Wednesday, June 22, 2011

On the state of modern pop music

During the week, Mike Stock, (he of Stock, Aitken and Waterman fame) decried the state of modern pop music lyrics and music videos.

He said that performers such as The Pussycat Dolls and Rihanna had taken music into “a slow but unmistakable descent into pornography.”

I thought for a moment about this, and realised that for the older generation to criticise music popular with young people is not a new phenomenon. The Beatles and Elvis Presley were once disapproved of as well.

I then compared the style of the pop hits that Stock, Aitken and Waterman produced back in the eighties. The songs of the likes of Mel and Kim, Rick Astley, Sinitta were, from memory, catchy, inoffensive pop songs, with no sexual references. None of their stable of performers ever resorted to sexualised imagery to generate sales or push boundaries.

I recall that critics of Stock, Aitken and Waterman, said that many of their songs sounded identical, and some of their artists lacked vocal ability. On their songs, some of their artists only sounded in tune thanks to some technical wizardry done in the recording studio.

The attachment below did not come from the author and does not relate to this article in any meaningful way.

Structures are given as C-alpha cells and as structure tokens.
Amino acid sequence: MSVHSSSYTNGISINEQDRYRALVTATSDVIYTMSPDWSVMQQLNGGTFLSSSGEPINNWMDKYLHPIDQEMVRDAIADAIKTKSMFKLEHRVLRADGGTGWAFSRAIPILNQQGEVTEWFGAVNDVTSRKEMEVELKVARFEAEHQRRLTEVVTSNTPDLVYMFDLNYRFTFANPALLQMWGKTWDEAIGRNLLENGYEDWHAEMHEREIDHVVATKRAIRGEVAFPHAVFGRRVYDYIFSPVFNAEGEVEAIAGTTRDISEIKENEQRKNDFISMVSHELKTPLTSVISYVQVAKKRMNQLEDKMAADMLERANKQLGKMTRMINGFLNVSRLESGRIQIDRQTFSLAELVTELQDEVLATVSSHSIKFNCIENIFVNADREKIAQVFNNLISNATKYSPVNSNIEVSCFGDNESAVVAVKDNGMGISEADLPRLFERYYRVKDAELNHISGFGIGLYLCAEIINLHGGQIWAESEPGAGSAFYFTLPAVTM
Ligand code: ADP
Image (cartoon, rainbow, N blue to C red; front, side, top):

Still, back in their heyday, Stock Aitken and Waterman did produce a lot of fun pop music; something that has been sadly absent from the Top 40 lately.

Back in the late nineties to the early noughties, there were the boy bands, and groups like The Spice Girls and Steps.

I have to agree with Stock. If anything, his comments reminded me of why I no longer watch programs like Video Hits, avoid the likes of MTV when I’m at the gym, and haven’t listened to commercial FM radio for some time.


  1. Yes, but didn't SAW produce the likes of Mandy Smith, Sabrina Salerno, and Samantha Fox? Some of their songs had suggestive lyrics, from memory.

  2. That's right. I wonder why he neglected to mention them?

    Don't forget the likes of Dead or Alive and Divine, too.